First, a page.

Monday, February 11, 2013

Shackleton's guide to Antarctic survival - NZ book gains extensive review space in UK

By John Harding - (Preface £16.99)

Explorer: Ernest Shackleton pictured in 1909
Explorer: Ernest Shackleton pictured in 1909

On May 16, 1907, explorer Ernest Shackleton ordered 25 cases - 300 bottles - of the finest malt whisky, at 28 shillings a case, from distillers Charles Mackinlay & Co. of Edinburgh for his expedition to Antarctica later that year. He also asked for a dozen cases of brandy and six of port.
It was remarkable because Shackleton, with his Quaker Anglo-Irish upbringing, was a virtual teetotaller. As a teenager he’d led his siblings in temperance marches and sung anti-liquor songs outside pubs.
But as a natural leader, he realised his 14 expedition companions would need a bit of alcohol for relaxation. Brandy and whisky were excellent cold weather warmers, too.
He didn’t skimp either. Mackinlay & Co, who’d recently won the contract to supply whisky to the House of Commons, were to provide 10-year-old malt. It was distilled using peat from the Isle of Eday in the Orkneys, and pure water from Loch Ness.
The special label on the bottle read: ‘Rare Old Highland Malt Whisky’ and ‘Specially prepared for the British Antarctic Expedition 1907 - Ship Endurance’.

Scotch on the rocks: Shackleton stocked up on plenty of MacKinlays, despite being teetotal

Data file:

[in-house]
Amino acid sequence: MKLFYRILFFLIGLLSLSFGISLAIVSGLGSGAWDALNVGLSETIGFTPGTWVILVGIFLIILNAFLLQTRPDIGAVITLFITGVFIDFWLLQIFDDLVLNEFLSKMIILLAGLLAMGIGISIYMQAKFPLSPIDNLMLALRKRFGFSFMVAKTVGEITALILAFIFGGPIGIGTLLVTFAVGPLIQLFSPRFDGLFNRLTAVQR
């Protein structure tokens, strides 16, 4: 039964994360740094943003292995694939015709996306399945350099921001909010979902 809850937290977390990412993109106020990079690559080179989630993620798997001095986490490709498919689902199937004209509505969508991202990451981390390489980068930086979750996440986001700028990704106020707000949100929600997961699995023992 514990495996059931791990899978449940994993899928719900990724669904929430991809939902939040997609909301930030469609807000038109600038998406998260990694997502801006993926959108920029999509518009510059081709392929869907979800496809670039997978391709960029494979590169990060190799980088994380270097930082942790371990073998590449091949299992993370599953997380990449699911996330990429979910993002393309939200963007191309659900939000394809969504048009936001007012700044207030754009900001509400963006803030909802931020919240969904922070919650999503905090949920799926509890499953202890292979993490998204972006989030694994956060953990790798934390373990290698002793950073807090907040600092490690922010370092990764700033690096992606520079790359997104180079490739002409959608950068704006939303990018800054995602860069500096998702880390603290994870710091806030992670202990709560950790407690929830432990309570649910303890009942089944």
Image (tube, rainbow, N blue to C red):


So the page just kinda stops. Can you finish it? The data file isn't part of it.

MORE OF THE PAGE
Right - Scotch on the rocks: Shackleton stocked up on plenty of MacKinlays, despite being teetotal

Shackleton’s expedition ship was actually called Nimrod; he intended to change the name to Endurance (his family motto was Fortitudine vincimus - ‘By endurance we conquer’) but never got round to it.
Shackleton also ordered a custom-built prefabricated hut for the expedition base camp, from Humphreys Ltd., a Knightsbridge construction firm, who completed the flatpack 10m x 5.8m building to his very detailed spec in just seven days, for the sum of £154.
Nimrod set off on July 30 1907 carrying, besides whisky, 450 tins of baked beans and 540lb of golden syrup. And it’s at this point that the whisky goes off the radar of history. Although Shackleton’s failed attempt to be first to the South Pole has been well documented, the whisky gets barely a mention.
Shackleton reached a new  ‘Furthest South’ point, was forced to turn back just 112 miles from the Pole, returned a hero and was knighted. His heroic status was cemented by his next expedition, 1914-17, when his ship was crushed in the ice and Shackleton and five companions made an 800-mile voyage in a 20ft open boat to fetch help for the rest of the party.
Not for nothing is this period of Antarctic exploration called the ‘heroic’ era.
Shackleton died in 1922 of a massive heart attack, aged 47, on the island of South Georgia, about to undertake another expedition.
The Nimrod hut was briefly visited by men from both Scott’s ill-fated 1912 expedition and Shackleton’s in 1914-17, but after that nobody went near it for 30 years as interest in Antarctic exploration waned.
Then, in the 1950s, Antarctica attracted increasing numbers of visitors, some of whom helped themselves to objects left in the Nimrod Hut.

Read more: 

In NZ Shackleton's Whisky (Random House/Longacre, $39.99) 

Otago Daily Times review from Sep[t.2012

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